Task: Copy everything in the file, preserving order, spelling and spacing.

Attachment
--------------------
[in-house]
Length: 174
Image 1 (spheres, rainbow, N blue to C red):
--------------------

[in-house]
Length: 174
Image 1 (spheres, rainbow, N blue to C red):